To date we have gleaned the following information about the origin and the history of the name Micklethwait:
5th to 9th Centuries
The origin of our Micklethwait ancestry is found in the history of Yorkshire in north east England. The Saxons from the part of Germany which extends north into the Danish peninsula had invaded England in the fifth century, and their descendants were living on the Plain of Holderness and in the Vale of York when, after decades of piratical raids the ‘great army’ of the Danish Vikings landed in England in 865, took York apparently unopposed two years later and went marauding over the country for the next nine years.
But in 876 about 1,000 Viking warriors settled down in York. They became farmers, craftsmen and traders, quickly intermarried with the local population and adopted Christianity.
10th to 12th Centuries
Old records show that there were a number of different places in Northern England called Micklethwaite which is hardly surprising because the name comes from the word ‘Muceltoit’ – Norse for Great Clearing and no doubt there were many great clearings in the surrounding vegetation of Northern England at that time.
There are still three places bearing the name: one in Cumbria, near the Lake District; and two in Yorkshire, one near Bingley and the other near Wetherby. One of the Micklethwaite places that used to exist was in the parish of Cawthorne, near Barnsley, Yorkshire. All the evidence suggests that our particular family first settled there.
To date, there is no evidence to tell us that our family were ever at the Micklethwaite villages near Bingley, Wetherby or in the Lake District.
It is reported that Micklethwaite was included in the lands and holdings of Erneis de Buron of the great Norman house of Buron, but we are not sure at this stage to which Micklethwaite this refers.
The following is an extract from a comparatively recent article which tells us about ‘The Hamlet of Micklethwaite’ in Yorkshire. It was originally published in the Yorkshire Dalesman, but here again we are not yet sure which Micklethwait is being described.
Prospect of Micklethwaite
People have lived in and around the village for over 3,000 years, and artefacts from the Bronze Age, Iron Age, and the Roman occupation have been discovered there. However, Micklethwaite originated as a Viking settlement in the 10th Century, and according to the Domesday Book was called ‘Muceltoit’ (which is Norse for ‘great clearing’).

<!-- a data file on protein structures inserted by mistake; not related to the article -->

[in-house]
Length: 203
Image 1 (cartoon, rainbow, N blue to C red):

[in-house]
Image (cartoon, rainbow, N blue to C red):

13th to 15th Centuries
The fashion of adding family names began in Britain in the 13th Century. The population was expanding, becoming more complex, and there was a concerted movement from the countryside to the towns and villages.
It had become necessary to be able to distinguish reliably between individuals for many reasons, and a number of methods evolved including the one of naming people after the area in which they lived.
Having in mind that there were several places called Micklethwaite, and that people originating from all these places are likely to have used the place name as their family name, it follows that one cannot assume that all people with the family name Micklethwait(e) are from the same family.
The ancient chronicles of England reveal the early records of the name Micklethwaite as a Norman family name, which ranks as one of the oldest. The history of the name is closely interwoven within the majestic tapestry as an intrinsic part of the history of Britain.
A family name capable of being traced back to the Domesday Book or to Hastings was a great honour for most families during the Middle Ages and still is even to this day!
A well-known publication called Hunters ‘South Yorkshire’ reports that:
The early residence of the family of this name was a farm called ‘Micklethwaite’ at Gunthwaite, Nr. Ingbirchworth in the Parish of Penistone, where three generations were named as residing before 1272.
In A volume relating to Penistone by E. J. Bedford mention is again made of the family farm in the 13th century followed by the words ‘a connected pedigree does not seem to have been traced; however beyond the sixteenth century when we find one branch living at Ingbirchworth in this parish and another at Swaithe Hall in Worsborough Dale.’
There is no doubt that both these articles refer to our family.
The family’s early history is shrouded in antiquity. However, some very old deeds found in the Chartulary of Monk Bretton Abbey and other ancient records, and seen by Hunter the eminent historian of South Yorkshire, have provided us with the names listed in the next paragraph. Please also see the page, Unconnected Micklethwaits.
Among the early written references to the name or a variant form, we read of Walter de Mickelthwayt JM1003 in 1277, Robert de Mikelthwayt JM1004 in 1303 and also de Mekilthwayt JM1005 in 1304, according to the Inquisitions Post Mortem (1236–1432) for the county of Yorkshire.
The Poll Tax Rolls for Yorkshire referred to the names of Adam de Mekkelhawath, Magota Mekkelwayth, Johanna de Mickilwayte and William de Mickilwayte JM1015 – all in the year 1379. There is little doubt that if not all, certainly most of these Micklethwaits are our ancestors because the majority of them originated from the area of Gunthwaite or Cawthorne and Ingbirchworth.
16th to 18th Centuries